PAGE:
Pianist John Turville has been part of the European jazz scene for so long, that’s it’s hard to believe that this is his debut solo recording. He has assembled a fine quintet for the occasion, including saxophonist Julian Argüelles, trumpet player Robbie Robson – a new name to me, but one to watch out for – bass player Dave Whitford and drummer James Maddren.
Turville was influenced by his mentor, the late John Taylor, and trumpet player Kenny Wheeler, and that can be heard throughout Head First.
The album open with Fall Out, a brass-driven tune that was originally written for a quartet, then re-arranged by Turville for a big band. There’s a Wheeler-like warmth to Robson’s playing, and Turville’s playing is impressive. The Latin-tinged Almagro Nights sees the band stripped back to a trio, which showcases Turville’s piano to good effect.
Seahorses follows, inspired by the turbulent sea off of the Northumberland coast, rather than the delicate sea creatures. The knotty horn lines are a bit too free form for my taste, even with Turville’s piano underpinning, and I couldn’t help but think this tune would have been better placed a little later in the album.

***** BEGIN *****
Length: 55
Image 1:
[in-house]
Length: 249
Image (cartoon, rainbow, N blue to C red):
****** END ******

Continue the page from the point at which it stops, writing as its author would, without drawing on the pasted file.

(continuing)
Interval is lovely, with Argüelles switching to soprano, and waltzing around delicate piano lines by Turville. This leads into A Perfect Foil, which sees the quintet return. There’s some lovely interplay between Argüelles and Robson, followed by a delightful piano solo by the bandleader.
Listen to a clip of A Perfect Foil here:
Head First is a samba, which sees bass player Dave Whitford play a more prominent role, accompanied by Latin percussion from drummer Dave Whitford. Ennerdale, as the name suggests, is influenced by the majestic Lake District countryside, and there’s also a quote from John Taylor’s own Ambleside if you listen carefully.
Cancion 4, composed by Diego Schissi, has a Kenny Wheeler flavour, whilst A Month In Tunisia, composed by Argüelles, builds slowly into the burning tune that you would expect, given the name. The album closes with a swinging cover of Petrucciani’s Beautiful But Why.
Head First is an album that improves with every listen. Turville’s playing is superb, as one would expect, and his arrangements – in a variety of styles – work well. He’s assembled a fine band for his solo debut, and let’s hope he can persuade them to reunite for a follow-up in the near future. Head First is out now on Whirlwind Recordings.